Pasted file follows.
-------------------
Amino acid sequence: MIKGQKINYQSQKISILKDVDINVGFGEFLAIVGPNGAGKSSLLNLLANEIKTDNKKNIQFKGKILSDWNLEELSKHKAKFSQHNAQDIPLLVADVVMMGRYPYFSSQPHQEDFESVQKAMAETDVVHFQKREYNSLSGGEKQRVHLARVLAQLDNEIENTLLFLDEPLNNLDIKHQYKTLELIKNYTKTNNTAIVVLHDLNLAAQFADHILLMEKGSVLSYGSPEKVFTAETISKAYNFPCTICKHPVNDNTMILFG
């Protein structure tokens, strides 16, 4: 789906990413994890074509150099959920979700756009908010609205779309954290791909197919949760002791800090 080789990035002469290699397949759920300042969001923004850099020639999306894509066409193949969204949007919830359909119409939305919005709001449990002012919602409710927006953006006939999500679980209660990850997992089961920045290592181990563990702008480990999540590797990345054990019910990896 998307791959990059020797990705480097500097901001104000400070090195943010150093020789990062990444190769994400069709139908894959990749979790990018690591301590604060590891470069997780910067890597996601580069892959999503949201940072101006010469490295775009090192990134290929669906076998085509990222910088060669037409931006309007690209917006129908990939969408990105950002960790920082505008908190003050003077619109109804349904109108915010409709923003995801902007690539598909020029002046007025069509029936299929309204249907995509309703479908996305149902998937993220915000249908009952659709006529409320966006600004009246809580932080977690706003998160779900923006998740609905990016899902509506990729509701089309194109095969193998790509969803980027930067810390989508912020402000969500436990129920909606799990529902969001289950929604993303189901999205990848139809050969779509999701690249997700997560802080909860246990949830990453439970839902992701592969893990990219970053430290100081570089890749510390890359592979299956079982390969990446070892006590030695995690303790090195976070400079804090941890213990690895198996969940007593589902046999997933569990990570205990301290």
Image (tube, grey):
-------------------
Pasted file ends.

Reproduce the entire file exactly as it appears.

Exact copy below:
Amino acid sequence: MIKGQKINYQSQKISILKDVDINVGFGEFLAIVGPNGAGKSSLLNLLANEIKTDNKKNIQFKGKILSDWNLEELSKHKAKFSQHNAQDIPLLVADVVMMGRYPYFSSQPHQEDFESVQKAMAETDVVHFQKREYNSLSGGEKQRVHLARVLAQLDNEIENTLLFLDEPLNNLDIKHQYKTLELIKNYTKTNNTAIVVLHDLNLAAQFADHILLMEKGSVLSYGSPEKVFTAETISKAYNFPCTICKHPVNDNTMILFG
């Protein structure tokens, strides 16, 4: 789906990413994890074509150099959920979700756009908010609205779309954290791909197919949760002791800090 080789990035002469290699397949759920300042969001923004850099020639999306894509066409193949969204949007919830359909119409939305919005709001449990002012919602409710927006953006006939999500679980209660990850997992089961920045290592181990563990702008480990999540590797990345054990019910990896 998307791959990059020797990705480097500097901001104000400070090195943010150093020789990062990444190769994400069709139908894959990749979790990018690591301590604060590891470069997780910067890597996601580069892959999503949201940072101006010469490295775009090192990134290929669906076998085509990222910088060669037409931006309007690209917006129908990939969408990105950002960790920082505008908190003050003077619109109804349904109108915010409709923003995801902007690539598909020029002046007025069509029936299929309204249907995509309703479908996305149902998937993220915000249908009952659709006529409320966006600004009246809580932080977690706003998160779900923006998740609905990016899902509506990729509701089309194109095969193998790509969803980027930067810390989508912020402000969500436990129920909606799990529902969001289950929604993303189901999205990848139809050969779509999701690249997700997560802080909860246990949830990453439970839902992701592969893990990219970053430290100081570089890749510390890359592979299956079982390969990446070892006590030695995690303790090195976070400079804090941890213990690895198996969940007593589902046999997933569990990570205990301290």
Image (tube, grey):